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Four admit killing British students

Four men arrested over the murder of two British medical students who were stabbed in Borneo after a row in a bar have admitted the crime, a police chief has said.

The local men have been detained over the killing of Newcastle University Medical School students Neil Dalton and Aidan Brunger, who were on the Malaysian part of the island on attachment to a hospital in Kuching.

The attack happened in the Jalan Padungan area of Kuching in Sarawak province, in the west of the Malaysian part of Borneo.

Deputy police commissioner Chai Khin Chung said they had now finished their investigation, as the men confessed, and they would now be passing on their evidence for prosecution.

"We have finished our investigation, the crime has been solved," he said.

"The suspects have been apprehended and they have admitted the crime. We have recovered the weapons from the crime.

"We are waiting for the corpses in the hospital mortuary to have the post-mortem carried out. We have all the major evidence in our hands which we will send to the prosecution."

He said the two students had got into an argument with the men on the table next to them in the bar and after leaving on foot, they were followed by car and then attacked from behind.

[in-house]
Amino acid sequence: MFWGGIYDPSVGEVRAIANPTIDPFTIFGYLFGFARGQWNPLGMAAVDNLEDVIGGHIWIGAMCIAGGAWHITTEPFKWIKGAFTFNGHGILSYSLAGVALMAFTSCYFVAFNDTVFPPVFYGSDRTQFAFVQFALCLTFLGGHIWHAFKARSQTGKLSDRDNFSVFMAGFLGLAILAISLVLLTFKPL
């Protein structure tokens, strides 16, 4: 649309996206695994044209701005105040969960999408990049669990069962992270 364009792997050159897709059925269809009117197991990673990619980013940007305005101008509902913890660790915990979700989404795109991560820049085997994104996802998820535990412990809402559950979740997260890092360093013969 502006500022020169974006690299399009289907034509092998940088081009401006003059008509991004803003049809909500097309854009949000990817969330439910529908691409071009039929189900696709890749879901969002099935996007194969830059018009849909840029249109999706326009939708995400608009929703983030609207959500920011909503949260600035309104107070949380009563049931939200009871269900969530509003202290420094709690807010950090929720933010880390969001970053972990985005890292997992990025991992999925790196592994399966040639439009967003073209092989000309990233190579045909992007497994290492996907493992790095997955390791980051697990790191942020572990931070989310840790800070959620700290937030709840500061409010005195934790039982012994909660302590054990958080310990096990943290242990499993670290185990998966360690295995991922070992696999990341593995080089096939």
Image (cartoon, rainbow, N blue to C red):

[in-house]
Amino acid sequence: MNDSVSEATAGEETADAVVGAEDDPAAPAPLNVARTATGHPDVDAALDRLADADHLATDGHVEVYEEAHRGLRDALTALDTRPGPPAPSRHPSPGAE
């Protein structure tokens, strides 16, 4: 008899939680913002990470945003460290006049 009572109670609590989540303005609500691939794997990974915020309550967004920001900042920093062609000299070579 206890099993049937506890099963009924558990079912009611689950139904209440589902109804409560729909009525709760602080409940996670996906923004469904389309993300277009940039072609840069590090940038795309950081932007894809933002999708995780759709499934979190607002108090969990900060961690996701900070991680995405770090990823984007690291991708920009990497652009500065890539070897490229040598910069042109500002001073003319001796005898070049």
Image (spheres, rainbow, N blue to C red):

"They were having a drink and got into an argument with the next table. After a prolonged argument they left the bar on foot and were followed in a car. They came from behind and stabbed them", he said.

"The four people, who are local men, will be charged with murder. It's very unusual for Kuching, it's always very peaceful.

"It's very unfortunate and we were very surprised this kind of thing happened in our city."

Malaysia's The Star newspaper has said the main suspect is a 23-year-old fishmonger, one a 29-year-old mechanic, the others 19 and 35 and both unemployed. Two are said to have previous convictions for drugs and armed robbery.

It has been reported that two Irish medical students were assaulted just days before the stabbings.

The hospital where Mr Dalton and Mr Brunger had been working before being stabbed to death in Borneo is providing counselling to other students since the tragedy.

Sawatar Hospital medical director Dr Chin Zin Hing said the deaths of the two men, who finished their elective with the hospital at the end of last month, was "very sad".

He said: "We are trying to provide counselling for the students here. We currently have about 20 British elective students."

He said the hospital is also working closely with the British Embassy to "see how best we can provide some assistance to the families of the men".

Professor Jane Calvert, Dean of Undergraduate Studies for Newcastle University Medical School, said the fourth-year students were "highly committed" and were both doing well in their studies.

She said: "We are all so shocked and saddened by this.

"They were excellent students, they were doing really well with their studies, they were highly committed and coming back next year to work as doctors.

"Aidan was aspiring to do some medical research on his return, Neil was going straight into his final year and it's such a tragic thing to occur."